"The separation between involvement in music on the one hand and ideology on the other is unacceptable to me," says Dr. Lichtenstein, who spearheaded the initiative together with composer Hagar Kadima. "Music is not divorced from the social context in which it operates; it does not come from outer space. Someone here creates and performs it, someone receives and hears it, and someone decides how to support it and teach it and disseminate it, according to a certain order of priorities. This entire experience is political; and if we don't understand the political contexts and work for change, we will probably continue to be involved in study, and will delve into semiotic analysis and into performing the fine points of the work. But in the end they will remain on the shelf covered with dust."

The document primarily expresses the Israeli point of view, discussing the damage Israel suffers in the area of security and the waste of essential resources on wars of choice, and makes little reference to the suffering on other side. "Peace is made with enemies," the document states. "We wanted the manifesto to express the opinion of as many people as possible, and therefore we were flexible about its contents," says Lichtenstein. "And I really did discover many colleagues who believe not necessarily in the power of music to bring peace, but in the important place of music in the experience and the political contexts of Israeli society."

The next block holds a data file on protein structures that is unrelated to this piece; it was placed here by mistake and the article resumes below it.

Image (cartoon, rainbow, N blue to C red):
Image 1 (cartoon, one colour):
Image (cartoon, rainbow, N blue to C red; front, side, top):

Sunday, July 15, 2007

Do you SEE What I See?

July 11, 2007

Our son and daughter-in-law are here for a visit. They are seeing the sites, some of which are not so pretty. Yesterday we took them into Bethlehem, a city well on the way to being the next Gaza. Bethlehem will soon be walled in on all sides -- a prison, 100% controlled by her Israeli jailers. Already, Israel will only allow Bethlehemites to purchase food from them. The prices for groceries in Bethlehem are higher than in the United States. Israel controls the tourist trade, the primary industry of Bethlehem. Israel determines who is to go in and who is not. 90% of tour guides are Jewish, ex-military, trained in the war of words and images. These tour guides rush the buses in and hurry the tourist through the Church of the Nativity. We watched it happening. The folks on the bus are told not to talk to anyone outside the Church, and not to shop in the shops near the Church as well. "This is a dangerous place," they are told. "Don't talk to anyone."